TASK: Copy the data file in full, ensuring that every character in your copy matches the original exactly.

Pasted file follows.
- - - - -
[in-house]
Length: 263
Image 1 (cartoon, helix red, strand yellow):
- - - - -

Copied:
[in-house]
Length: 263
Image 1 (cartoon, helix red, strand yellow):